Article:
Land Transport Authority Reforms Traffic Junctions, As 3 Motoring Accidents In A Week Have Netizens Demanding Change

Recently, there has been a regrettable spate of motoring accidents that have claimed lives and sparked furores of public discussion about the way traffic junctions currently work.

Aside from the wasted lives, another undercurrent of similarity running through these accidents are their location; all three accidents occurred at a traffic junction.

To help towards preventing further tragedies, LTA announced on Thursday (26 Apr) that they will install red-amber-green arrows across “as many as possible” of the 1,600 traffic junctions in the country.

The changes to come

With the arrows, motorists have to wait for the arrow to turn green before making a right turn.

However, not every right-turn traffic junction in the country boasts this system.

Where the red-amber-green arrows cannot be implemented, LTA will look into other measures.

Examples include turning pockets, lighted road studs, integrated pedestrian countdown timers, dashed pedestrian crossing lines and ‘Give Way to Pedestrian’ signs.

So far, the arrows are in place at 200 junctions.

Junctions deemed “accident-prone” will be prioritised for upgrades.

Making a change

The primary driving force behind LTA’s rededication to installing the arrows is probably an online movement calling for something to be done.

A change.org petition calling for LTA to review its safety rules has attracted a staggering 16,000 signatories in just five days.

9 Times Singaporeans Spoke Up Through Change.Org Petitions And Made A Difference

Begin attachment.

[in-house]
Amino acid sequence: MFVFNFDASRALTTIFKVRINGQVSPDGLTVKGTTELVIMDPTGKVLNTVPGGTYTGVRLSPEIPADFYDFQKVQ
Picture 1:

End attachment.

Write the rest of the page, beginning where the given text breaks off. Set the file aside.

In the wake of mounting pressure backed by an outpouring of grief, netizens argued that widened roads have been a contributing factor to accidents.

A wider field of vision for drivers to take note of can lead to impaired judgement and misreading of situations.

The petition also called for LTA to reconsider discretionary turning, where motorists are free to turn at a time of their choosing during a green light.

A precedent writ in blood

This may be a morbid thought, but tragic incidents are unparalleled when it comes to influencing sweeping policy changes.

Take the Great Fire of New York in 1835, which saw citizens banding together and replacing destroyed wooden buildings with comparatively more flameproof stone and brick ones.

Or something that struck closer to home — the Nicoll Highway collapse, which occurred exactly 14 years ago last Friday (20 Apr).

These accidents taught us valuable lessons about the importance of reading the signs and having a strong safety culture.

We can only hope that the recent cluster of accidents are the last for a long time.

Preferably forever.

Featured image from Land Transport Authority.